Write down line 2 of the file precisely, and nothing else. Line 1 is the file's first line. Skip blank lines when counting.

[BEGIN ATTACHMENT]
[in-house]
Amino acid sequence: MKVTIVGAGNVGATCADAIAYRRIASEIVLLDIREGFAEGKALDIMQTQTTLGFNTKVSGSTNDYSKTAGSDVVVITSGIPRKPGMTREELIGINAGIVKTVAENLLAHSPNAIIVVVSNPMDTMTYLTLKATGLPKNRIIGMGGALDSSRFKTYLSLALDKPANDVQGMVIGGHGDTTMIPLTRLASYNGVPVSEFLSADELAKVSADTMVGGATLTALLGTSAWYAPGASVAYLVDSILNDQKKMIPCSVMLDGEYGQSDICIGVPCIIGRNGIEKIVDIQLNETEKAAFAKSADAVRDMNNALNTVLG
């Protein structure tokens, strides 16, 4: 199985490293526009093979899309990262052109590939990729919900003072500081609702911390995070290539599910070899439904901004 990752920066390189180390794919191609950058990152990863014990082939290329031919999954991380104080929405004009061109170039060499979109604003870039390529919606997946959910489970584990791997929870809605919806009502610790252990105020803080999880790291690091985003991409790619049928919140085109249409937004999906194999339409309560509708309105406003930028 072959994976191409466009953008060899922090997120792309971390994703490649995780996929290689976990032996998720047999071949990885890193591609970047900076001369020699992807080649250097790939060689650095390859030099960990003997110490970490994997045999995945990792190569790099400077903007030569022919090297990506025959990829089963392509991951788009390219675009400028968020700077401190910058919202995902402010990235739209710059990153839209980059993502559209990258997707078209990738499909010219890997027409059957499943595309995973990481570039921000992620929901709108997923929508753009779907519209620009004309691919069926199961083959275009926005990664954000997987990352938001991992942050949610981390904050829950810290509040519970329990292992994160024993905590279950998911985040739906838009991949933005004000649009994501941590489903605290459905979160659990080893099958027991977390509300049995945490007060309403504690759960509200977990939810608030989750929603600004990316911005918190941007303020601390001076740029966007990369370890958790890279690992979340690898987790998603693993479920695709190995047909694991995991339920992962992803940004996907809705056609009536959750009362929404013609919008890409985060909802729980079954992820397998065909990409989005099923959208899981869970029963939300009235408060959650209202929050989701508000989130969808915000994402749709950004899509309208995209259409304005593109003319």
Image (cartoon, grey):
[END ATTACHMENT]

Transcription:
Amino acid sequence: MKVTIVGAGNVGATCADAIAYRRIASEIVLLDIREGFAEGKALDIMQTQTTLGFNTKVSGSTNDYSKTAGSDVVVITSGIPRKPGMTREELIGINAGIVKTVAENLLAHSPNAIIVVVSNPMDTMTYLTLKATGLPKNRIIGMGGALDSSRFKTYLSLALDKPANDVQGMVIGGHGDTTMIPLTRLASYNGVPVSEFLSADELAKVSADTMVGGATLTALLGTSAWYAPGASVAYLVDSILNDQKKMIPCSVMLDGEYGQSDICIGVPCIIGRNGIEKIVDIQLNETEKAAFAKSADAVRDMNNALNTVLG